Buying Tips for Flash Drive Quality

By · Tuesday, January 25th, 2011

Flash Drive Quality FactorsConsidering the variety of custom flash drives on the market, it should be no surprise that they come in varying degrees of quality from the inside out.  If longevity and product integrity are the most important features of a USB drive for you, there are a number of buying points to keep in mind before you commit to purchasing.

First and foremost, USB flash drive quality starts at the chip.  Every flash drive is originally cut from a larger silicon chip built with mazes of circuitry.  The location of where the chip was cut from this original piece will determine the quality.  For example, those on the fringe are the least reliable and those cut toward the center are the best.

Tier 1 or Grade A chips are superior and manufacturers will always mark their name and serial number on each one.  They have few to zero glitches and are backed by lifetime warranties.  Brands like Samsung, Intel, Micron and Hynix boast Tier 1 chips.

Tier 2 or Grade B will provide the manufacturer’s signature on a majority of chips.  They offer a similar reliability as Tier 1 but will have the occasional failure due to the fact that they don’t endure as rigorous of standards measures.  Tier 2 chips are also made for smaller capacity flash drives.

Tier 3 or Grade C chips are made from discarded fringe parts.  Third-party vendors buy these from manufacturers and assemble them into flash drives to sell to consumers at inexpensive costs.  They are characterized by large failure rates, no warranties and limited life spans.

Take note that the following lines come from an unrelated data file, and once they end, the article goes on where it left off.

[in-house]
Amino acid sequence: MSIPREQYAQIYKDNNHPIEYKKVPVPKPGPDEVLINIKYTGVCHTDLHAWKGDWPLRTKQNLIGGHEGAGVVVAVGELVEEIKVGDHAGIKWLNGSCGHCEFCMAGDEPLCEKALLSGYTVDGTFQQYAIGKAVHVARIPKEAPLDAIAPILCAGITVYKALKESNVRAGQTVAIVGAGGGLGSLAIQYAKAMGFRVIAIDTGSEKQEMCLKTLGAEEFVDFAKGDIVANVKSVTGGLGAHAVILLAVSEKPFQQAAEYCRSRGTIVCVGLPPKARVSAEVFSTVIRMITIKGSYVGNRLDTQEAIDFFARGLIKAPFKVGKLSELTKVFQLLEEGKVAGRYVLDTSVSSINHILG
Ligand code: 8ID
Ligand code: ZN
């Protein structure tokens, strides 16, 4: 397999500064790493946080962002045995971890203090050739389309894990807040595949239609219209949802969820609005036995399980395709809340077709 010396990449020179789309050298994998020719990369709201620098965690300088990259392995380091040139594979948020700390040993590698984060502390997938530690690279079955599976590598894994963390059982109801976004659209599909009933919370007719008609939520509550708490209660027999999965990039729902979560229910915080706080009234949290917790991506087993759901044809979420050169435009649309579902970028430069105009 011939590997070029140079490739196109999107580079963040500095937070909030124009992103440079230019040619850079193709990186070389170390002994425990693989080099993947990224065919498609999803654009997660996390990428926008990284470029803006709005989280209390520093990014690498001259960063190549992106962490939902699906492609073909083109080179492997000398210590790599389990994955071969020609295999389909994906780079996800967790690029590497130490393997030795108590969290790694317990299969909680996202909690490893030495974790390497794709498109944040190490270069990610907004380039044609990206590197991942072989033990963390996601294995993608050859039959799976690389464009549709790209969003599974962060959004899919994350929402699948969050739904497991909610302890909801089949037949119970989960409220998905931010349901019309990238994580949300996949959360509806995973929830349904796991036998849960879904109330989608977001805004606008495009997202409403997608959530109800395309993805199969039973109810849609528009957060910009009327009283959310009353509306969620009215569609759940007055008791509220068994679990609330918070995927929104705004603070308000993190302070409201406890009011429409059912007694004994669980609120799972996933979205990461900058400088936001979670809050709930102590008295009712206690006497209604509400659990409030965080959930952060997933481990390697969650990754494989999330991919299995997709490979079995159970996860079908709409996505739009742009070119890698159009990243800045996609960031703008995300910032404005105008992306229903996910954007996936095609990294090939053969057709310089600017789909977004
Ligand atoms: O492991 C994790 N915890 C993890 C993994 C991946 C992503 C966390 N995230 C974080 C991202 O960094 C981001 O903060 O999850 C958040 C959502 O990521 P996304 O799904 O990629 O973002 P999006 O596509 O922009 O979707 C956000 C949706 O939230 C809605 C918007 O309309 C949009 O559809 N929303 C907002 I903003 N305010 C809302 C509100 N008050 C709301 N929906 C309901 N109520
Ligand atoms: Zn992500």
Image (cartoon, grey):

The type of flash memory used is also a factor to consider.  Single level cell memory (SLC) stores one bit of data per cell while multilevel cell memory (MLC) stores 2 bits of data per cell.  As a result, SLC has approximately 2 to 3 times the transfer rate and will last through ten times the write cycles as its MLC counterpart.  MLC flash drives are more common because they are less expensive.

Another internal flash drive feature to consider is how the green printed circuit board is attached to the chip.  Higher quality USB drives will anchor the PCB firmly into place with posts.  A sign of a poorly constructed flash drive will simply glue the printed circuit board onto the chip where it is more prone to come loose from heat or impact and therefore not function.

Since the size of flash drives allows them to go anywhere, they also must withstand the pitfalls of portability.  This includes wear and tear.  A quality flash drive should be constructed from a durable material such as anodized aluminum or a high-grade, weather-resistant rubber.  Such materials will help your flash drive survive drops, smacks, bumps and extreme temperatures.

A little research can save you a lot of money in failed flash drives or lost data.  If you take into account the tier level, data per cell and flash drive housing, you should be on the path to a quality product.

Don’t forget to check out quality USB flash drives at Premium USB.

Do you look at these features when purchasing a flash drive?  What else do you look for?

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